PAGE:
Updated: Mar 25, 2021
Last Christmas I received the rather wonderful gift of a bookshop voucher, and one evening soon after, I hid quietly away from my family and spent a self-indulging hour browsing a thousand different titles. I searched for books that I’ve never heard of before; no recommendations, no favourite authors’ new books, just me listening for the blurbs that whispered tantalisingly in my ear. What a hard thing it is to narrow down the choice to a mere handful.
In that exquisite hour, my Christmas gift choices introduced me to two new authors whose work immediately identifies with all my favourite elements of storytelling. Such a discovery demands to be shared, so here you have it: Bridget Collins and Stacey Halls are both writers of superb historical fiction who write beautifully compelling tales that will stay with you long after you finish reading.
The Binding by Bridget Collins is soul-achingly brilliant. Its mysterious and spellbinding tale embodies the inspired fantasy that books bind people’s secrets, and in doing so, wipe them from memory for as long as the book is kept safe by the binder. Set within a heady mix of Victorian gothic and medieval surroundings, the reader follows Emmett Farmer as he is enticed into the job of becoming a binder’s apprentice. The story develops with intrigue and curiosity as Emmett is entranced by all the books bearing names of customers who have a secret so unbearable that it must be forgotten - until he stumbles upon one with his own name bound to the cover.
What follows is a magical story that is at once enchanting, exciting and heart-breaking; a tale of forgotten love and unthinkable betrayal. The characters will jump from the pages and lodge themselves deep in your heart as you read furiously to keep up with a race to re-discover the unforgettable truth. It is a novel to fall instantly in love with.
Stacey Halls has written two novels to date, and I just had to buy both: The Familiars and The Foundling. Stacey writes with absolute confidence in her era of choice and with seamless attention to the tiniest details; the extensive and obviously passionate research that has gone into both books shines through the mastery of her prose.
The Familiars is set in the early seventeenth century and the inspiration came from the real Gawthorpe Hall in Lancashire. At just seventeen years old, Fleetwood Shuttleworth is married to the Lord of Gawthorpe Hall and pregnant for the fourth time. None of her other babies survived the pregnancies and her husband is anxious for an heir. Fleetwood meets the mysterious midwife, Alice Gray, by chance, and hires her to help deliver a healthy child. This cleverly devised tale of fiction is woven around real characters and events of the time, and it twists and turns amid the trial of the Pendle witches. I promise you will be curious to find out more about the real witch trials and the history of Gawthorpe Hall when you have finished reading.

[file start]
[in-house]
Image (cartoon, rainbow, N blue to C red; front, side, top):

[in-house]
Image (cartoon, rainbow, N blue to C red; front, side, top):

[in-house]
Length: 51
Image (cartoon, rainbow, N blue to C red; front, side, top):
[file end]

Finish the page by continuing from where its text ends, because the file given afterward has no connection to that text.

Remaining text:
The Foundling is a story that will tear your loyalty at the seams as you are confronted with two very different main characters who will fight unashamedly for your affections. In eighteenth-century London, Bess Bright returns to the Foundling Hospital to claim her illegitimate daughter six years after leaving her there as a new-born. Bess is dumbfounded as she is told that the girl has already been collected by her mother - the day after she was left six years before. Bess’s race to find and claim her daughter from a woman whose own tragically wretched history begs the reader to feel understanding and pity is a gripping tale of family ties and the injustice of inter-class struggles. The Foundling Hospital was a real establishment in London, and I guarantee, again, that you will be itching to find out more about the history of such a place.
Stacey has a new book coming out in June this year called Mrs England which promises to deliver the same excellent standard of storytelling as her first two.
I believe the best stories must be shared and enjoyed by everyone, so I will continue to recommend all those I find worthy of a mention.
Thanks for reading. Until next time... Lorna.
P.S. I have had a short break from the actual writing of my novel to work on earning a living from smaller writing projects and catch up on research. My story spans a period of which I still have much to learn. I didn’t finish the first draft by the end of 2020 as planned, but I’m in no rush. I am unashamedly enjoying the bumps and slides along the journey of becoming a first-time novelist.